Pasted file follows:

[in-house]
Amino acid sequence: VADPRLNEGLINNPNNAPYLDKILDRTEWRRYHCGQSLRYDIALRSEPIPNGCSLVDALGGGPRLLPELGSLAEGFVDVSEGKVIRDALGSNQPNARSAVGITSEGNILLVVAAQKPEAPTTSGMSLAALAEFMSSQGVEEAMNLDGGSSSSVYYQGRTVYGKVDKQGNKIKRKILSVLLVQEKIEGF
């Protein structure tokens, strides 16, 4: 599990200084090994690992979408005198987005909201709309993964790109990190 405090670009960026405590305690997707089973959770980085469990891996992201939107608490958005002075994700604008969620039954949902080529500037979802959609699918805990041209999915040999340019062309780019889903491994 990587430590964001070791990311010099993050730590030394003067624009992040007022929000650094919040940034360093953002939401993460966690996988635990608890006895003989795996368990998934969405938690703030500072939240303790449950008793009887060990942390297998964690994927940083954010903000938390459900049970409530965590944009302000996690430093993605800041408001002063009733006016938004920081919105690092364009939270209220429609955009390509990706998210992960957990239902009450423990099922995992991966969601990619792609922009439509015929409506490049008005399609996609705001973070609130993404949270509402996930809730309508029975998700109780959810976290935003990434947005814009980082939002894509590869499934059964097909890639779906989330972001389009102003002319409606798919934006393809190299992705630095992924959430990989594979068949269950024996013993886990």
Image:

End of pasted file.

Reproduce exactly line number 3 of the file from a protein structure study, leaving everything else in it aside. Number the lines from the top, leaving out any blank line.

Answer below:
């Protein structure tokens, strides 16, 4: 599990200084090994690992979408005198987005909201709309993964790109990190 405090670009960026405590305690997707089973959770980085469990891996992201939107608490958005002075994700604008969620039954949902080529500037979802959609699918805990041209999915040999340019062309780019889903491994 990587430590964001070791990311010099993050730590030394003067624009992040007022929000650094919040940034360093953002939401993460966690996988635990608890006895003989795996368990998934969405938690703030500072939240303790449950008793009887060990942390297998964690994927940083954010903000938390459900049970409530965590944009302000996690430093993605800041408001002063009733006016938004920081919105690092364009939270209220429609955009390509990706998210992960957990239902009450423990099922995992991966969601990619792609922009439509015929409506490049008005399609996609705001973070609130993404949270509402996930809730309508029975998700109780959810976290935003990434947005814009980082939002894509590869499934059964097909890639779906989330972001389009102003002319409606798919934006393809190299992705630095992924959430990989594979068949269950024996013993886990």